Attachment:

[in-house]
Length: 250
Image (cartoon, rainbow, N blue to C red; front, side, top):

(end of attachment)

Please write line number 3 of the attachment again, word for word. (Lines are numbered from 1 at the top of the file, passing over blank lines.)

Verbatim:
Image (cartoon, rainbow, N blue to C red; front, side, top):